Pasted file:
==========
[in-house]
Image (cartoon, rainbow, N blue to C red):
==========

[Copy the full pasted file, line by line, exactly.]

[in-house]
Image (cartoon, rainbow, N blue to C red):